4.6 Consider personal mitigation such as testimonials and references after assessing the seriousness of the conduct.”

At para 6.3 of the guidance regarding the scope of personal mitigation, it states:

“Consider any personal mitigation advanced by the officer when deciding on the appropriate outcome. Such mitigation may include whether the officer has shown remorse, acted out of character or made a significant contribution to the police service.

4.5. The Panel also wishes to recall paragraph 2.9 of the 2020 Home Office Guidance which states:

“Disciplinary action has a part, when circumstances require this, but all outcomes should include learning opportunities”.

4.6. In distilling these important principles to reach an appropriate and proportionate outcome for the officer, the Panel is aware of the importance of following the three stage structured approach explained by Mr Justice Popplewell in the decision of Fuglers LLP v SRA [2014] subsequently reaffirmed by the High Court in the decision of His Honour Judge Pelling QC in the Chief Constable of Greater Manchester Police v Police Misconduct Tribunal (Roscoe – Interested Party) [13 November 2018] and in R (on the application of Chief Constable West Midlands Police) and Panel Chair, Police Misconduct Panel and ‘Officer A’ [2020] EWHC 1400.

4.7. The three stages are to assess the seriousness of the misconduct; to keep in mind the purpose of imposing sanctions; and, to choose the sanction which most appropriately fulfils that purpose for the seriousness of the conduct in question.

4.8 Turning first to the issue of seriousness of the proven conduct, the Panel is aware that this is to be assessed based on the officer’s culpability for the misconduct; the harm caused by his misconduct and the existence of any aggravating and mitigating factors relevant to the conduct.

4.9. The Panel has already considered the issue of seriousness in the context of its severity assessment and adopts here its earlier reasoning regarding Outcome. The Panel recalls that it has found the officer’s culpability to be at the higher end of the range.

4.10. Turning to the records of Police Service for the officer, the Panel notes that the officer has a written warning for discreditable conduct which was imposed on 26th March 2021, just two months prior to the current misconduct. The records show that he joined Humberside Police on 3 November 2018 and was in service for three years by the date of his resignation. During his three years of service, he was not inside the force sickness criteria having had 11 periods and 162 days absence. He is married.

4.11. The Panel has received no written testimonials on his behalf. However, Police Sergeant Simms from the Police Federation stated in mitigation that the officer accepted the facts as presented by the AA and apologised on his behalf for the trouble caused by his misconduct. He noted that the officer’s secondary employment was necessary due to serious financial pressures on his family. The officer was not motivated by greed but solely by wanting to provide for his family. Without the additional income he would have struggled to make ends meet. He said that the officer never intended to mislead anyone. He was a hard-working family man and was well liked by colleagues

4.12. In considering the appropriate weight to place on personal mitigation, the Panel has been guided by the decision of Holroyde J in the case of Williams v The Police Appeals Tribunal [2016] EWHC 2708. The judgment makes it clear that the weight to be attached to personal mitigation in any particular case is necessarily limited. Accordingly, while the Panel has attached limited weight to it.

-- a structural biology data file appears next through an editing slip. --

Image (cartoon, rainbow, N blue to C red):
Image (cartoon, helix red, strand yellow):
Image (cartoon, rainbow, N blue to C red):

4.13. The Panel next turned to consider the purpose of imposing sanctions. In this regard, the Panel is aware that the most important purpose of imposing disciplinary sanctions is to maintain public confidence in and the reputation of the policing profession as a whole. This dual objective must take precedence over the specific impact that the sanction has on the individual whose misconduct is being sanctioned.

4.14. In terms of maintaining public confidence in and the reputation of the police service the public would be rightly concerned that the officer has acted dishonestly in a deliberate and intentional manner by failing to disclose his secondary employment while he was on sick leave. In this regard, the public would no doubt be concerned about the risk of reoccurrence and the implications of his conduct regarding his ability to carry out professional duties in the future. In considering the risk of reoccurrence and the protection of the public, the Panel notes that the officer has disengaged from the process and shown little remorse, contrition or insight regarding his conduct.

4.15. In the circumstances, the Panel finds that if he was still in service, it would have no assurance that such conduct would not happen again or that he would adhere to the high standards of professional behaviour expected from him to maintain public trust and confidence in policing.

4.16. Turning to the most appropriate outcome for the former officer, the Panel has reviewed the case and sought to reach a fair decision on the most appropriate and proportionate outcome. In light of the seriousness of the proven misconduct involving dishonesty, the Panel finds that only disciplinary action would be sufficient to maintain public confidence in this case. In this regard, these proceedings look forward and are designed to protect the public, deter future misconduct and maintain the reputation of the profession. The Panel has carefully taken into account all of the relevant factors, taking care not to double count and finds that the officer would have been dismissed without notice if he had not ceased to be member of the police force.

Humberside Police
  • Stats since 1st January 2022
  • 6 Misconduct Hearings
    83% held in public